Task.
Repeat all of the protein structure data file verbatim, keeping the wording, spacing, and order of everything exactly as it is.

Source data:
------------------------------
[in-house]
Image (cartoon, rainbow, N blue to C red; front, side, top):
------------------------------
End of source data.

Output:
[in-house]
Image (cartoon, rainbow, N blue to C red; front, side, top):